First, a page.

Honza Navratil fell in love with Aiguille Dibona after receiving a message from his friend. In August, he spent a week exploring the Ecrins National Park in the French Alps where he ascended the needle of Aiguille Dibona. We asked Honza a few questions about his trip.
- Location: Écrins National Park – Aiguille Dibona
- Altitude: 3130 m (10269 ft)
- Trip duration: One week (also with climbing in the valleys around)
- Month/season: August
Where did you go and why did you choose this area?
I had a notification on my WhatsApp – a link sent from my friend, Ondrej. When I opened it, I fell in love. A monumental granite needle, towering into the blue sky. Half a kilometer of uncompromising climbing at an altitude of around 3000 metres above sea level. Another message from Ondrej: “Are you coming with me?” Of course, yes! Unnecessary question! Aiguille Dibona became my new every day motivation.
What was the area and weather like?
Ondrej and I spent a week in August climbing Aiguille Dibona and around the valleys of Écrins National Park.
The exhausting heat of an afternoon storm remained in the air during the ascent to Refuge Soreiller, the mountain hut at the foot of Aiguille Dibona.
Refuge Soreiller is a great place hidden in the middle of the mountains. Sheep graze all around and behind the hut one of the most beautiful mountains in the alps rises above your head.
Covid restrictions were in place in the mountain huts. Masks were required in the dining room. The number of sleeping places had been reduced, but that did not prevent the all night snoring that resonated in our room.
Tell us about your climb – any successes, notable routes, unplanned difficulties?
We awoke early and before six o’clock were standing under the wall. Thirteen pitches waited for us. The sun was still hiding behind the mountains as we started the first pitch.
The slab introduced by an overhanging passage suggested that the climb would not be easy.
Halfway up the wall, we had time to rest, drink and eat a bar for energy. Positioned beneath an imposing overhanging roof we have to make a decision, left or right?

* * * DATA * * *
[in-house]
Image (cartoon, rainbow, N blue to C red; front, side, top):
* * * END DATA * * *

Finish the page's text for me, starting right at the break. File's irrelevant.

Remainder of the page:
“I think the right side is easier. There are a few big holds.”
The holds ended with a slightly overhanging open crack in which I cursed my heavy backpack, full of camera equipment. I tried to extend my arms and drop my fear. The big hold at the end of the crack became my salvation.
What was the left variant? I’ll never know but choosing the right side was the hardest challenge I have climbed in a multi-pitch route.
After seven hours of climbing, we made it and stood on the top of Aiguille Dibona. It was exhausting but beautiful climbing.
Rab and Lowe Alpine kit used on this trip
I was thrilled with the lightness and flexibility of the Torque pants. Also I could not imagine climbing an alpine wall without the Borealis jacket. Great combination!
My reliable partner is the Lowe Alpine Halcyon backpack. It sits perfectly on my back and carries water, camera equipment and telephoto lens.
Inspired by the demands of big wall climbing, the Borealis Jacket is our lightest softshell, combining wind resistance, high breathability and a small packsize. The perfect climber's piece, it's as at home on a windy crag as it is high up the climbing wall.
Built for active mountain use in warm climates, our flexible, slim-fit Alpine Torque Pant is an uncompromising technical climbing garment that provides the freedom you need to perform at your best.